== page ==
The Muslim cleric who condemned 9/11: A recollection of Muhammad Hussein Fadlallah
Two months after 9/11, I was in a Beirut hotel when my telephone rang. It was Hezbollah calling. I had given them my room number earlier in the week, and they were finally contacting me, to arrange an interview with their organization. Through a separate contact, I also set up a talk with a cleric who was considered Hezbollah’s former spiritual leader, Mohammad Hussein Fadlallah. Fadlallah, who died today in Beirut, was once targeted for assassination, reportedly with the approval of the CIA, in a massive bombing that killed scores of people coming from religious services. To secure my interview with Fadlallah, his officials asked me to fax them my CV and an editor’s letter from San Francisco that vouched for my assignment in Lebanon.
“Take care of yourself, Jonathan,” my paper’s administrative assistant told me on the phone from San Francisco. Worried about my safety, this assistant had probably seen the 1999 Hollywood film “The Insider,” which has journalist Lowell Bergman blindfolded by gun-toting militants as he’s shepherded to an interview with Fadlallah. Lebanon’s bloody civil war, and more recent violence in Beirut, also foreshadowed possible danger, but Fadlallah was emblematic of a side of the Middle East that’s often absent from Western media: Moderate Islam. I wasn’t blindfolded when I entered Fadlallah’s compound in south Beirut. (The director of “The Insider” fabricated Bergman’s cloistering for dramatic effect.) Instead, I was led into a large room with high ceilings on the second floor, which had Rembrandt-like paintings of famous Shia leaders, including the Ayatollah Khomeini. Opulent chandeliers, an ivory-painted interior, and freshly shellacked hardwood floors gave the room the feel of a meeting place for dignitaries. Fadlallah was a Grand Ayatollah who wore a black turban that signified his descent from the Muslim prophet Muhammad. He entered the room, sat on a chair next to an interpreter, and invited me to ask anything I wanted for 30 minutes. The scene was unforgettable, and so were Fadlallah’s answers.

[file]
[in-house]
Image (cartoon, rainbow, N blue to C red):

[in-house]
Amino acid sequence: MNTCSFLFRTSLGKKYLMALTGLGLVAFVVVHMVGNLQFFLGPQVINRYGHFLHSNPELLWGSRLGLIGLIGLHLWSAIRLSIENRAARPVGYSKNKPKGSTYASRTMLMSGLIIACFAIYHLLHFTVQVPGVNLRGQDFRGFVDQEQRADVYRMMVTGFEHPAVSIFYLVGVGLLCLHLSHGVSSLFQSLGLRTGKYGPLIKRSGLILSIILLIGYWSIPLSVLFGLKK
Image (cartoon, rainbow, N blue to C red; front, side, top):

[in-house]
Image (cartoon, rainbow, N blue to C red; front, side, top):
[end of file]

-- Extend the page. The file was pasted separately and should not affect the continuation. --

“If the United States comes back and maintains the rights of the populations around the world, then we would be friends with the Americans, because Islam asks us to be friends of all the world,” he told me.
Fadlallah said Muslims, Jews, and Christians could get along in the modern world, but in that interview, he also said there were caveats to achieving peace – that Israel needed to relinquish land it had taken in the 1967 war, that Washington needed to help resolve the Israeli-Palestinian conflict, that the United States’ foray into Afghanistan would backfire.
“I think the way that America is conducting itself in its war against terrorism will turn the world into chaos,” Fadlallah told me, adding that bombing of Afghanistan “will lead people to form revolutionary groups unrelated to each other, and they will all attack America. Then we’ll have a very hard time controlling them.”
The “we” in this case included Fadlallah, who was deeply critical of the 9/11 hijackers and their killing of civilians. “Who speaks for moderate Islam” is a question that is asked repeatedly around the world. For many people, the answer led them to Mohammad Hussein Fadlallah.